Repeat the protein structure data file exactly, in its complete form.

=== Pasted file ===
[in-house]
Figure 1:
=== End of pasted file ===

[in-house]
Figure 1: